We all know classic recommendations for improving overall health and well-being. Eating a balanced diet, drinking plenty of water, exercise, and getting enough sleep top the list, but something that’s not talked about as much is staying on top of your health screenings.
The National Library of Medicine states that at certain ages there are specific health screens that are necessary to prevent or detect illness or disease. Health screens are designed to protect yourself and, ideally, prevent surprises down the road. Read on to find out at what age specific health screens are recommended.
Why are health screens important?
The idea of going to see your doctor when you feel perfectly healthy may seem odd, but preventative care is becoming more common. According to the World Health Organization, “The purpose of screening is to identify people in an apparently healthy population who are at higher risk of a health problem or a condition, so that an early treatment or intervention can be offered. This, in turn, may lead to better health outcomes for some of the screened individuals.” The aims of screening programs include:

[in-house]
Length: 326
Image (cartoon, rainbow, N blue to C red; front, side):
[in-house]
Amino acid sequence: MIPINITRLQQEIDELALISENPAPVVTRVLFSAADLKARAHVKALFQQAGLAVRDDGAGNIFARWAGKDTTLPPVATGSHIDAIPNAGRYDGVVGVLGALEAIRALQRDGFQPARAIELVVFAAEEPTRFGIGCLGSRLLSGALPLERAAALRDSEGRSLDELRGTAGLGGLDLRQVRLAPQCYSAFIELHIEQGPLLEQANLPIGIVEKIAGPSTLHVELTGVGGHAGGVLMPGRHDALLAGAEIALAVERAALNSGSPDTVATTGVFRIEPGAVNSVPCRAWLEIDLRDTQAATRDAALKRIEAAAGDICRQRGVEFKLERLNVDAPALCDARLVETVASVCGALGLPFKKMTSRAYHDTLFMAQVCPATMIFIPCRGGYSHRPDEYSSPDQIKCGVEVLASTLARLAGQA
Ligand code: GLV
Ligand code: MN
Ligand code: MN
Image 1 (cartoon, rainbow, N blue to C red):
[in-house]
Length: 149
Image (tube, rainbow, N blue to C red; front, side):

- To reduce mortality by early detection and early treatment of a condition;
- To reduce the incidence of a condition by identifying and treating its precursors;
- To reduce the severity of a condition by identifying people with the condition and offering effective treatment; and
- To increase choice by identifying conditions or risk factors at an early stage in a life-course when more options are available.
Although your provider will often recommend tests when you have an appointment, we’ve provided a health screening guide below to help you figure out what screenings you may need.
Health screenings play a tremendous role in preventative health for people of all ages.